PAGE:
The driving force of health care reform--the value proposition of the clinical model--can be the same powerful admonition that all clinicians learned on their first day of training. In Latin: Primum non nocere. First, do no harm.

Clinicians from the bedside to the operating room to the executive suite all share this sacred duty and responsibility. Enlightened leaders and managers--even those without clinical backgrounds--find primum non nocere to be a powerful management beacon that explains what we must all do together to protect our patients, even when economic considerations might drive us to generate additional health care services that do not benefit or might pose risks for patients..

The science of high reliability should be a core competency of health care leaders because it teaches us how small events in a complex system often lead to catastrophes downstream. (5)

This engineering science describes the links between leadership and front line activity in high consequence work as "blunt end-sharp end" connections that define whether all employees are engaged or disengaged in doing work that is highly reliable. Whether we work at the "sharp end" (the front lines of patient care), or the "blunt end" (management, leadership, governance, or regulatory agencies), (6), (7) of the health care system, a physician's overriding concern is not causing harm.

Instead of using management philosophies and accounting practices common in running a department store or hotel, a more realistic analogy for our "clinical model" of health care management would be a commercial airline, (8) where safety of passengers and crew is the most important concern of leaders. Recent surveys of health system CEOs show that quality and patient safety have become the top priority for the next three years (9)--a very encouraging development.

We believe that quality and safety should always be the core competencies of health care--not priorities that change with time. Imagine what different metrics would be discussed among boards and executives if safety and high reliability were the strategic heartbeat of health care organizations!

Well-defined engineering principles in high consequence activities such as aviation, fire fighting, nuclear power, and electrical power have relevance to health care. The IOM report "To Err Is Human: Building a Safer Health System" suggests we can use these principles to understand error in health care. (10) Better yet, we can learn techniques to minimize the chances of human and organizational contributions to error. (11)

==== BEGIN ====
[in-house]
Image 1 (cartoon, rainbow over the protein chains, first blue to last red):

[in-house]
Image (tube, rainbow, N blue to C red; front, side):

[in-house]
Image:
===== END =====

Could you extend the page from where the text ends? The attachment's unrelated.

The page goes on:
Evidence-based medicine

The second key leadership philosophy for the clinical model of health care delivery is analyzing and solving problems using evidence-based approaches. In clinical practice, we can use growing databases of evidence-based guidelines and studies to focus our energies on making sure that our patients are not over- or under-treated, and show that we produce consistent incremental improvement in the application of these guidelines.

We are learning a great deal as we begin to embrace evidence-based medicine. Although standardizing processes is important, we must avoid the trap of becoming obsessed solely with process improvement, and have at least an equal focus on improving outcomes. (12)

Not all physicians embrace evidence-based medicine or routinely follow guidelines. There are many reasons and barriers physicians face in adopting clinical standards, even when the evidence supporting them is compelling. These include lack of knowledge of the evidence, disagreement with the standards, practice-based impediments to implementing new practices, and the inability to overcome the inertia of prior practice patterns. (13) Once again, physicians in practice and in formal management roles must lead others to adopt evidence-based practices by serving as champions for doing what is proven to work. The end result of this approach is not only improved quality of care but also lower health care costs due to a reduction in health care services that are not indicated by evidence-based medicine.

Patient-centered teamwork

The third key leadership philosophy of the clinical model is patient-centered care. Most important to patients is getting their questions answered in terms they understand, addressing their fears and uncertainties, and mapping out a course of preferred action to deal with their health problems.

Patient-centered teamwork means supporting patients who disagree with our recommendations if their individual preferences and lifestyle considerations differ from our own. Patients and their families need to know what action steps can be taken if progress is stalled.

Since most health care processes involve many health care workers other than physicians, we need to encourage teamwork, critical thinking, and openness to questions from all of our colleagues, including executives and managers. We should also consider when to abandon our need for absolute autonomy for the sake of the greater good in patient care.

As we work with others to improve quality of care and reduce unnecessary medical costs, we must strive to implement clinical services that have been shown to work and help patients--and reduce utilization of services that have little evidence to support their use. We must provide leadership in this domain, as many costly diagnostic and therapeutic technologies are overused in the current fee-for-service system that rewards clinicians for their use. Overuse also increases the possibility of harm to patients.

For many patients and families, the appearance and customer experience of the hospital is a proxy for quality. Though these attributes are important, they should never displace primum non nocere and outcomes metrics as the driving force of health care organizations.